- The Washington Times - Monday, January 29, 2007


Former White House press secretary Ari Fleischer testified yesterday he first heard that a prominent war critic’s wife worked at the CIA from vice presidential aide I. Lewis “Scooter” Libby Jr. He said he thought the information might help deflect critical questions from reporters.

Mr. Fleischer said Mr. Libby told him about Valerie Plame’s job at the CIA over a lunch in the White House Mess dining rooms on July 7, 2003. Mr. Libby has told investigators he thought he first learned about Mrs. Plame on July 10 from NBC reporter Tim Russert.

Four other government witnesses also have said they discussed Mrs. Plame with Mr. Libby before July 10, and the discrepancy between those accounts and what Mr. Libby told the FBI and a grand jury are a major component of the perjury and obstruction of justice charges against Vice President Dick Cheney’s former chief of staff.

Mr. Libby now says his memory failed him when he spoke to Mr. Russert.

The appearance of Mr. Fleischer, President Bush’s chief spokesman from 2001 through mid-2003, slightly swelled the crowd of trial onlookers, including veteran reporters eager to see a White House press secretary questioned under oath.

Acknowledging that he fielded many hostile questions at the White House, Mr. Fleischer proved to be a calm and unflappable witness, even under cross-examination by defense attorney William Jeffress. He often turned to speak directly to the jurors, sometimes using hand gestures.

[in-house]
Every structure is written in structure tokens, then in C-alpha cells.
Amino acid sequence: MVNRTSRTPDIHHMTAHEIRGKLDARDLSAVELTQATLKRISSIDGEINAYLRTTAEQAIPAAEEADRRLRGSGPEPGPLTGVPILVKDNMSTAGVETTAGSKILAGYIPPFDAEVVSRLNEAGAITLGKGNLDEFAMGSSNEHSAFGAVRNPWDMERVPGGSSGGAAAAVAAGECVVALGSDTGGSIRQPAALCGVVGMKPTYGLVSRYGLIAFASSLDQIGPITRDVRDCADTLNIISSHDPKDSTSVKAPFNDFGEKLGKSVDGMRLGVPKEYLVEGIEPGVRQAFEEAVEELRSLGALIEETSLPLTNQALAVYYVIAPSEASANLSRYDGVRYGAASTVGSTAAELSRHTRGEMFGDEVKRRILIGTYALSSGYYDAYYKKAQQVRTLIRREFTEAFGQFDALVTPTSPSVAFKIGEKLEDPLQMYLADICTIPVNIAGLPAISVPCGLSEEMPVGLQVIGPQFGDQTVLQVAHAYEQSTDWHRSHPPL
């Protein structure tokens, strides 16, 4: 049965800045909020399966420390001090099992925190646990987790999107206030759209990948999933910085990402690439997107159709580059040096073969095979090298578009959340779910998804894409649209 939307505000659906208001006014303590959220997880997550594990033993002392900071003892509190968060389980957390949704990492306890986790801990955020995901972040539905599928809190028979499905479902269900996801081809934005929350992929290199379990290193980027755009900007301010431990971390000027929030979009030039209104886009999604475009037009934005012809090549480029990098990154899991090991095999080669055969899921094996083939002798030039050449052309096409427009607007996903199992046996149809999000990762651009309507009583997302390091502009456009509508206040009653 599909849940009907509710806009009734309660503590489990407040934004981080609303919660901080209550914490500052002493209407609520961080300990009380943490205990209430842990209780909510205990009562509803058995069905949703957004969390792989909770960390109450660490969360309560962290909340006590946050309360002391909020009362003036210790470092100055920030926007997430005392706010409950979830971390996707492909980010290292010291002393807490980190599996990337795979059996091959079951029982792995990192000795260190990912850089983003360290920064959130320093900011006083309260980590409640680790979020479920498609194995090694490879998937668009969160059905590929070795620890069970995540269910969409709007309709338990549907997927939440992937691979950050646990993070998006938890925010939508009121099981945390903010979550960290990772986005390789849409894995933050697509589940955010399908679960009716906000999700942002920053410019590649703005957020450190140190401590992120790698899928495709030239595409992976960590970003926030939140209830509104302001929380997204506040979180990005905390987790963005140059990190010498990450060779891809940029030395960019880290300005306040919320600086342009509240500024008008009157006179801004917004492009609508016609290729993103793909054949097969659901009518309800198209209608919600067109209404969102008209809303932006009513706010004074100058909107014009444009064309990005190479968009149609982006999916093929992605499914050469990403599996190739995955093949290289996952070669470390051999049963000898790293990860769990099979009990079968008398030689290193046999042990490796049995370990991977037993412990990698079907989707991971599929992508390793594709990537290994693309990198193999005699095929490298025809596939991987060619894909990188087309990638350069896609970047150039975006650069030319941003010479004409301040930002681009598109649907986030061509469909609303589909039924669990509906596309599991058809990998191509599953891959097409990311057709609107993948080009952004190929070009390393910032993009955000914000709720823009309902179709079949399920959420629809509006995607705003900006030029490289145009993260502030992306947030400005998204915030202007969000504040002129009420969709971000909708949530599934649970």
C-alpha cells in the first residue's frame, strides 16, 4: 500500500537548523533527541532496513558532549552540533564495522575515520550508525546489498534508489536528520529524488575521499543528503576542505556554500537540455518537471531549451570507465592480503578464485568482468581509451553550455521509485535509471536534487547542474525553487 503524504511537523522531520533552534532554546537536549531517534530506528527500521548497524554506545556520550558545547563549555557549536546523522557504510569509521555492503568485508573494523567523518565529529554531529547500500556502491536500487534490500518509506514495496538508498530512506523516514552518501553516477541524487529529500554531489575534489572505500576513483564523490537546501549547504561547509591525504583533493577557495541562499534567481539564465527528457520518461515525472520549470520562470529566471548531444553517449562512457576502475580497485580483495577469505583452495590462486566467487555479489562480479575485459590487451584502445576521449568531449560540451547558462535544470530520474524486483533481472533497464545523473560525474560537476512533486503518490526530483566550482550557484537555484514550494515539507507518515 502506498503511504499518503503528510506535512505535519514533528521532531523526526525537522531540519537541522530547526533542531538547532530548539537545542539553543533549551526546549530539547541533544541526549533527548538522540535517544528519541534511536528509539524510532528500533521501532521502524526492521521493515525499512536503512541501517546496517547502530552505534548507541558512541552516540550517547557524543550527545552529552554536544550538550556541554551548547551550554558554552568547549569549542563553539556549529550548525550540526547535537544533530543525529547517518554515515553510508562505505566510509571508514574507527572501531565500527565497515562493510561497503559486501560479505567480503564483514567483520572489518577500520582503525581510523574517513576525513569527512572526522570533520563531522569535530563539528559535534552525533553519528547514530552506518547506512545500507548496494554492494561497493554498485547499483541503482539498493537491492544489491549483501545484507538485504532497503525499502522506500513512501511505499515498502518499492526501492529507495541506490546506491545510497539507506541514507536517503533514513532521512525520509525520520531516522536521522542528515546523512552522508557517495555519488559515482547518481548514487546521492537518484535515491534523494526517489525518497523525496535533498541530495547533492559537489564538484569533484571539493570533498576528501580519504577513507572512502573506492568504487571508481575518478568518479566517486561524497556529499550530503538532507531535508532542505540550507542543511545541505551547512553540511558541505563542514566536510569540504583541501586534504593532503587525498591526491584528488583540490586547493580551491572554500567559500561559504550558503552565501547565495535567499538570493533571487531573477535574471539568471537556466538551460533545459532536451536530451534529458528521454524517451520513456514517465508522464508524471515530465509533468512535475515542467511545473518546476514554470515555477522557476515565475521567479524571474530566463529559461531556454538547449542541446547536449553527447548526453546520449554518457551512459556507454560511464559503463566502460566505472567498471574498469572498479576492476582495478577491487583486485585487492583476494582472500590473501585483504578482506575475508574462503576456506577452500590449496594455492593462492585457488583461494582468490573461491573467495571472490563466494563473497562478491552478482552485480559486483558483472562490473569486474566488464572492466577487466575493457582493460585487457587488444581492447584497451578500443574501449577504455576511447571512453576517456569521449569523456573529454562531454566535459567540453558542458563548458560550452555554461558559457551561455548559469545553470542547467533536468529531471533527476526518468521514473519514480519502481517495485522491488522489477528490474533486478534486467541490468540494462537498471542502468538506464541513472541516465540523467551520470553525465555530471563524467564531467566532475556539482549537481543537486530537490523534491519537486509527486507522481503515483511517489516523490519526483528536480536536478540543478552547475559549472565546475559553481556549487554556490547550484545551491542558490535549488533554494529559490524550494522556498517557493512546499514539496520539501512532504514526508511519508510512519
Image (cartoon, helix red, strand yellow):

Mr. Fleischer testified under an immunity agreement with prosecutors. He said he sought the deal after reading about the investigation and worrying, “Oh my God. Did I somehow play a role in outing a CIA operative?” He insisted he believed throughout that the information was not classified.

Mr. Fleischer said his lunch with Mr. Libby was their first and had been scheduled by Mr. Libby in anticipation of Mr. Fleischer’s imminent departure. After talk of career plans and the Miami Dolphins, the subject shifted to the controversy raging over criticism by Mrs. Plame’s husband, ex-ambassador Joseph C. Wilson IV, of President Bush’s State of Union address in January 2003.

Mr. Bush had said Iraq was trying to buy uranium in Africa for nuclear weapons, and that had become part of the justification for war with Iraq.

Since then, Mr. Wilson had said in print and on television that he was sent to Niger to investigate the report in 2002 and found no evidence. Mr. Wilson said questions by Mr. Cheney motivated his trip and that Mr. Cheney should have received his report months before Mr. Bush’s speech.

Previous testimony showed Mr. Cheney’s office was working to get word out that Mr. Cheney didn’t send Mr. Wilson to Niger and had never heard of him, his trip or his conclusions until press reports in spring 2003.

Mr. Libby said Mr. Wilson was sent to Niger by his wife, and she worked at the CIA in the counter-proliferation division, Mr. Fleischer testified.

“I believe he mentioned her name and said something like, ‘This is hush-hush, this on the QT, not very many people know this.’ ”

“My sense is that Mr. Libby was telling me this was kinda newsy,” Mr. Fleischer added. He did not think the information was classified, however, because whenever he was told or given classified information “people would always say, ‘This is classified. You cannot use it.’ ”

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